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How Ness Lee Became Toronto’s Go-to Diarist

As her voluptuous, sensual figures slowly conquer the city, illustrator Ness Lee refuses to give it all away

By Sara Cunningham
Photography by Arash Moallemi

For a self-confessed homebody, Ness Lee sure gets around. By far her most recognizable motif – now a familiar inhabitant across the city – is a voluptuous, long-haired figure, often rendered in ink, that has drawn comparisons to Japanese folk art, sumo wrestlers and even the artist herself.

Blink, though, and you might miss one of its star turns, despite the strength of the illustrator’s work. Take, for example, a pillar in Underpass Park painted with myriad black and white studies of a face. For Lee, they depict the ache of being alone in a crowd with one’s “many selves.” Meanwhile, in the West End, you can find one of Lee’s nude figures embracing a geometric songbird by street artist BirdO, seeming to float in an alleyway at Queen and Shaw streets. And, for a seasonal menu card championing breakfast, commissioned by the Drake Hotel, Lee’s muse is conjured again as a spear-wielding warrior riding a tiger.

Ness Lee

Lee, who studied illustration at OCAD University, traces her unique aesthetic to Japanese erotica. “I find shunga hilarious,” she says, pointing to an X-rated plate in a coffee table book at her home studio. “Their body parts are enormous – like tree stumps. But I find the line work and flow beautiful; it has so much energy.”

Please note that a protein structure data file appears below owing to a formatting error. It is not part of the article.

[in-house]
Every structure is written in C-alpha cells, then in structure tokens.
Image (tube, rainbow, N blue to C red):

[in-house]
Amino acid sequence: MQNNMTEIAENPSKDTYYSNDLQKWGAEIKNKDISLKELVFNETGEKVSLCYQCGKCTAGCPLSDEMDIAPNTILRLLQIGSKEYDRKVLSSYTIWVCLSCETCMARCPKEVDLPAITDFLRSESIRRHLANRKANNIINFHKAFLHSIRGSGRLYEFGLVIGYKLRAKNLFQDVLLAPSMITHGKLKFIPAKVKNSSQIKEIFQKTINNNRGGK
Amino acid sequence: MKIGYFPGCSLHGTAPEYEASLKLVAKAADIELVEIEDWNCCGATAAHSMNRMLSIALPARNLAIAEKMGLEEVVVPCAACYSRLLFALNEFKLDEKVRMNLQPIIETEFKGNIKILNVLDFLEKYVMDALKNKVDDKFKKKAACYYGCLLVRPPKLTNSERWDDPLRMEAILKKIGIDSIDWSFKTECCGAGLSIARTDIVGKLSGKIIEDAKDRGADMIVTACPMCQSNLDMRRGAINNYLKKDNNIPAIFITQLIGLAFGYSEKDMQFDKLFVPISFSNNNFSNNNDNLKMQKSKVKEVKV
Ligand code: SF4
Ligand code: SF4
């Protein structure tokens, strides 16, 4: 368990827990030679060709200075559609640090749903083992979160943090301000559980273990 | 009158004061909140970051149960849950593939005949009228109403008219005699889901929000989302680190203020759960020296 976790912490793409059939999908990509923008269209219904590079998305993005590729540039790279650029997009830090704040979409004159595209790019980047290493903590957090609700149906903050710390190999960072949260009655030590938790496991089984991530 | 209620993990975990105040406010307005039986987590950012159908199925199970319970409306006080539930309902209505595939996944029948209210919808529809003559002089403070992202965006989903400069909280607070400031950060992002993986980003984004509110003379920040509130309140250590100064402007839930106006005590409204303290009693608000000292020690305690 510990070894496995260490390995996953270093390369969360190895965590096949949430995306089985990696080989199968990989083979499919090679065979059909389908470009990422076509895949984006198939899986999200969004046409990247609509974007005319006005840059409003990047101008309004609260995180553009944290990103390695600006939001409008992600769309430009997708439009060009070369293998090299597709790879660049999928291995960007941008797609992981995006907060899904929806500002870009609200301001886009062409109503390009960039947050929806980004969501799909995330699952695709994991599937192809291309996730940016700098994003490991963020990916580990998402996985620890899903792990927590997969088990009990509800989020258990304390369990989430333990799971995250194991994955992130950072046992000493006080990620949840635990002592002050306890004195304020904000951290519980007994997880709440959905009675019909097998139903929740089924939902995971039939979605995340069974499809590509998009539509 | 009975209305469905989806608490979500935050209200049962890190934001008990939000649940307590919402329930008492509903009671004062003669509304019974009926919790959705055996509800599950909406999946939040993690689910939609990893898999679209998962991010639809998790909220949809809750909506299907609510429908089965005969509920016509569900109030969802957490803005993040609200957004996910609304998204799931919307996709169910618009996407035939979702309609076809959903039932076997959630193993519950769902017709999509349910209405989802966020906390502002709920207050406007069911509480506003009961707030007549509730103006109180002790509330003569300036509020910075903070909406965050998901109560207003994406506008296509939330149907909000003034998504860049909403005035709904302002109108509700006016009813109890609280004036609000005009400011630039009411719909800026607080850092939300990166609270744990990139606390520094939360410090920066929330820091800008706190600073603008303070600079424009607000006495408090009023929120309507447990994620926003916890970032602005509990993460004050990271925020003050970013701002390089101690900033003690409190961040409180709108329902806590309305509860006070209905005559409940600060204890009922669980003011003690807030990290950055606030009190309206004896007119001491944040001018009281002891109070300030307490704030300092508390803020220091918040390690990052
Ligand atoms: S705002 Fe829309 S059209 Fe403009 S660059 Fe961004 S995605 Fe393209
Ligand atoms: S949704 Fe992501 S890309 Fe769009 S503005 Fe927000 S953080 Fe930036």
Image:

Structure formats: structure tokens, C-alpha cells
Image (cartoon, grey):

And so, when Lee works, she likes to draw continuous, smooth lines that augment the roundness of her character’s bodies. Her public murals, prints, ceramics and enamel pins seem to swell with undulating human forms, while her canvases, gratifying in their number and size, seem to barely contain them.

As she releases more fleshy figures into the art world, ponderous with emotion, Lee finds new ways to express her introspective side. An illustration of a person kneeling in front of a tote bag printed with their own face, for instance, grapples with the irony of a visual diarist reproducing herself for the public. But Lee, shown with her legs squirming under the table, refuses to give it all away just yet.   

Don’t miss Ness Lee’s solo show, ‘How to Hold Yourself’, on at Project Gallery from March 1 to 31. Read up on other art events in the city here

Categories: End Note

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